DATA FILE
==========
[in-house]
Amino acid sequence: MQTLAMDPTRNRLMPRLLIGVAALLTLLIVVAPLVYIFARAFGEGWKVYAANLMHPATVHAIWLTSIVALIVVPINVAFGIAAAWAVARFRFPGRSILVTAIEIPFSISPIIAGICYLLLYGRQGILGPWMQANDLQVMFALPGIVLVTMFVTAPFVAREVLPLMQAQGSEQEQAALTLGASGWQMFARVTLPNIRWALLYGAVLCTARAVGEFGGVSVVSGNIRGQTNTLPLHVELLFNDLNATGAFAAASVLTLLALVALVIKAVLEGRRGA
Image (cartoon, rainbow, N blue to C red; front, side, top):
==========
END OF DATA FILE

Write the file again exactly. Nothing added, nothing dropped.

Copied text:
[in-house]
Amino acid sequence: MQTLAMDPTRNRLMPRLLIGVAALLTLLIVVAPLVYIFARAFGEGWKVYAANLMHPATVHAIWLTSIVALIVVPINVAFGIAAAWAVARFRFPGRSILVTAIEIPFSISPIIAGICYLLLYGRQGILGPWMQANDLQVMFALPGIVLVTMFVTAPFVAREVLPLMQAQGSEQEQAALTLGASGWQMFARVTLPNIRWALLYGAVLCTARAVGEFGGVSVVSGNIRGQTNTLPLHVELLFNDLNATGAFAAASVLTLLALVALVIKAVLEGRRGA
Image (cartoon, rainbow, N blue to C red; front, side, top):